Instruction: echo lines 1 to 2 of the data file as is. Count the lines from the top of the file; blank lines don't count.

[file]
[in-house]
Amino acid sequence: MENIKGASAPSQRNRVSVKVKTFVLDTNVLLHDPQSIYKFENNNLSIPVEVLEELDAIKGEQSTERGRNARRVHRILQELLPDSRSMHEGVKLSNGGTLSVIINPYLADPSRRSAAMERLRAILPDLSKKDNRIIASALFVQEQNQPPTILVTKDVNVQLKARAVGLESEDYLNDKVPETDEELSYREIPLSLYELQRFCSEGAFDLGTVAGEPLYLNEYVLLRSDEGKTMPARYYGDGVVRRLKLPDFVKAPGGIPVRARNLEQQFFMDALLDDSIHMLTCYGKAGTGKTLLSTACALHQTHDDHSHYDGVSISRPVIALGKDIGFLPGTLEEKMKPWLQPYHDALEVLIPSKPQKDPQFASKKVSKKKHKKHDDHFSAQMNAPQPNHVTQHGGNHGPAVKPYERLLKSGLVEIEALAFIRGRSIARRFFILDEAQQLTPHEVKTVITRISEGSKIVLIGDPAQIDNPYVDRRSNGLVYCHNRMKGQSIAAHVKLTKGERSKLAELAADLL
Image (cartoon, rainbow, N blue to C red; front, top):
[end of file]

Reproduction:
[in-house]
Amino acid sequence: MENIKGASAPSQRNRVSVKVKTFVLDTNVLLHDPQSIYKFENNNLSIPVEVLEELDAIKGEQSTERGRNARRVHRILQELLPDSRSMHEGVKLSNGGTLSVIINPYLADPSRRSAAMERLRAILPDLSKKDNRIIASALFVQEQNQPPTILVTKDVNVQLKARAVGLESEDYLNDKVPETDEELSYREIPLSLYELQRFCSEGAFDLGTVAGEPLYLNEYVLLRSDEGKTMPARYYGDGVVRRLKLPDFVKAPGGIPVRARNLEQQFFMDALLDDSIHMLTCYGKAGTGKTLLSTACALHQTHDDHSHYDGVSISRPVIALGKDIGFLPGTLEEKMKPWLQPYHDALEVLIPSKPQKDPQFASKKVSKKKHKKHDDHFSAQMNAPQPNHVTQHGGNHGPAVKPYERLLKSGLVEIEALAFIRGRSIARRFFILDEAQQLTPHEVKTVITRISEGSKIVLIGDPAQIDNPYVDRRSNGLVYCHNRMKGQSIAAHVKLTKGERSKLAELAADLL